New year, two new units…

In this post, Dr. Joanna Warson shares the new developments in teaching Francophone Africa at the University of Portsmouth that have coincided with the start of the new academic year. 

The start of the new academic year was a particularly exciting one for members of the Francophone Africa research cluster at the University of Portsmouth. Alongside the usual anticipation of welcoming students, new and old, seeing colleagues again after the long summer break, and having an opportunity to see, for the first time, the newly refurbished university library, the start of 2014/15 saw the launch of two new units in the School of Languages and Area Studies relating to the study of France and Africa.

For students in their second year, we now run a year long unit entitled “Guns, glory hunters and greed: European colonisation in Africa”. As the name suggests, this unit doesn’t focus solely on France, but explores the European presence in Africa more widely, from the age of high imperialism in the 19th century until the imperial golden age (or prelude to decolonisation) of the interwar period. In this unit we look mostly at the role of Britain and France in Africa, but also compare, contrast and connect this to the participation of other European powers, including the Dutch (later the Afrikaners), the Belgians, the Portuguese and the Germans.

Final year students now have available to them a one semester unit on “France and Africa: decolonisation and post-colonial relations”. Beginning where the second year unit ends, on the eve of the Second World War, this unit charts the shift from the colonial to the independence eras in Francophone North and sub-Saharan Africa. Although the focus of this unit is more specifically on French colonial and post-colonial engagement with Africa, we try to situate this within the broader international and transnational context of the age of decolonisation and its aftermath.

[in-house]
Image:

In both of these two new units, the first week of term, inevitably, concentrated on unit administration, getting to know our new students, and introducing them to key concepts and contextual information. However, as we moved into week 2, we were able to start delving a bit deeper into the themes of these units. In the final year unit, students had the opportunity to debate how strong the French were in Africa in 1939. Those registered on the second year unit looked at the role played by European explorers and adventurers in Africa in the mid-19th century, focusing particularly on David Livingstone, Savorgnan de Brazza and Henry Morton Stanley. In the latter, we drew upon some excellent primary sources to get students thinking about the different ways in which the first Europeans who travelled into the African interior viewed the continent and its people. A particularly interesting comparison was made between the first hand impressions recorded by David Livingstone (we made use of some of the excellent resources available from Livingstone Online) and the representations present in the Conrad’s Heart of Darkness, which, although based on some personal experience, is fiction. It was fantastic to be able to kick off this unit off by making use of these brilliant primary sources, which sparked interest and debate amongst our students.

With week 2 of 2014/15 now nearly complete, it is with great anticipation that we look ahead to the wide range of topics relating to France, Africa, and European engagement with the African continent more broadly, which we will be covering in both of these units this academic year – and we look forward to sharing our experiences and some of the things we learn about teaching France and Africa, along with contributions from our students, in the weeks and months ahead.